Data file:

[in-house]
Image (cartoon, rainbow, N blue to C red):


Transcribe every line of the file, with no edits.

[in-house]
Image (cartoon, rainbow, N blue to C red):